by Daniel W.K. Lee / @danielsaudade
I am not entirely sure if three instances of something quite elusive qualifies as an “emergence” but I'm not going to let technicalities take away from calling to attention to what I believe to be pretty fantastic. And that is: 1) the rendering of gay Asian American men who, 2) actually have sex (lives) on mainstream television—daytime and primetime! We have not one, but three gaysian characters on television at present: Brad Cooper (played by Parry Shen) of General Hospital, Paul Narita (Christopher Sean) of Days of Our Lives, and Oliver Hampton (played by Conrad Ricamora) of How to Get Away With Murder.
Let's talk about HTGAWM first as it has been written about more extensively because of how the show has treated gay male sex scenes qualitatively equal to heterosexual scenes. Other gay commentators have criticized HTGAWM for its alleged bottom shaming—most notably J. Bryan Lowder's treatise at Salon.com, while The Atlantic's Kevin O'Keefe's piece “Gay Sex on How to Get Away With Murder: Offensive, Crass and Smart” makes the argument that the bottom shaming in the show perfectly consistent with the extreme, transgressive behavior that all the characters in the show indulge in.
I won't get into the merits of their arguments as you may read and assess them yourself, but significantly, what both fail to see is how main character Connor Walsh's (Jack Falahee) interracial sexual trysts with Oliver constitute an unprecedented visibility for gaysian men. Played by out actor of Filipino-descent Conrad Ricamora, Oliver may be a bit of an IT nerd, but holy shit, he gets to have sex – more than once! My exasperation is because the cultural invisibility of the queer Asian (American) male is so complete that Lowder nor O'Keefe never even bother to identify the actor who plays Oliver, let alone the significance of a non-white rendering of a gay male who has sex*. How did these two white gay writers not see this, I wonder/not wonder.
Someone please direct them to Richard Fung's seminal essay “Looking for My Penis: The Eroticized Asian in Gay Video Porn.” Using North American gay porn to articulate his observations, Fung's essay is instructive in understanding how these renderings of sexualized gay Asian Americans are a step forward, particularly with respect each characters' sovereign desires not defined by or reframed to centralize white gay male desire. This is particularly relevant as all three characters are paired with white men (baby steps, I suppose).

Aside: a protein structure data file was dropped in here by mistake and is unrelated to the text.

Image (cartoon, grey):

Asian men, however—at least since Sessue Hayakawa, who made a Hollywood career in the 1920s of representing the Asian man as sexual threat —have been consigned to one of two categories: the egghead/wimp, or—in what may be analogous to the lotus blossom-dragon lady dichotomy—the kung fu master/ninja/samurai. He is sometimes dangerous, sometimes friendly, but almost always characterized by a desexualized Zen asceticism. So whereas, as [Franz] Fanon tells us, "the Negro is eclipsed. He is turned into a penis. He is a penis," the Asian man is defined by a striking absence down there. And if Asian men have no sexuality, how can we have homosexuality?
I think of Jet Li in everything. Li has come to epitomize the desexualized Zen ascetic describe by Fung. I think of Lloyd Lee, played by Rex Lee, from Entourage. I think of those handful of other (gay) Asian (American) male characters in Hollywood television or film who didn't/don't have a sex life, let alone a sex scene.
As a genre, soap operas tend not to shy away from showing sexual intimacy. And to my relief and excitement, both General Hospital and Days of Our Lives have not failed to depict hot sex for Brad Cooper and Paul Narita respectively. Hilariously, this sexy scene between Brad and his beau Lucas reference How To Get Away With Murder in their post-coital convo (around 2:44):
And here, Days' Paul Narita incites Will Horton's adultery with an answer to a question:
Nearly 25 years later, these anomalies in mainstream media help Fung realize—to a degree—his “lifelong vocation of looking for my penis.” The “rise” of the gaysians suggest progress on many fronts against the sex(uality)-race status quo: first, the existence of gay Asian men; second, resisting the conflation of gay men with whiteness; third, the depiction of gay Asian men with sex lives which affirm their desire.
So many gay male characters have come and gone in film and television and so so few looking anything like me. What is at stake is not just expanding our vision of what is erotic, but with respect to the mainstream gay movement and culture, taking to task the ways in which the “gay ghetto,” remains, as Fung notes, “a site of racial, cultural, and sexual alienation sometimes more pronounced than that in straight society.” If “community” is not to be merely a rhetorical flourish, then must do our damnedest to do away with tokenism and the most thoughtless forms of integration, or inclusion, which fail to address the other -isms which alienate us from each other.
Celebrating our differences is not the same as creating divisons. I want to give props to the folks who have made Oliver, Paul, and Brad possible. I'm letting you know about these gaysians on television—especially if they have not been on your radar—because I want to let the world know my brothers are here – with all our sexual parts.
*This idea of “rendering” is particular to Oliver in that he is not (yet) identified as “Asian American” in his storyline unlike the characters of Brad and Paul. However, this does not take away from registering his Asian-ness and his sex.
This essay was originally published at: